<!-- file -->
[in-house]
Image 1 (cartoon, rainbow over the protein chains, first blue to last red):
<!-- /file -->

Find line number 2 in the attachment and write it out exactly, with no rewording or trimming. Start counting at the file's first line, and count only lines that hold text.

Image 1 (cartoon, rainbow over the protein chains, first blue to last red):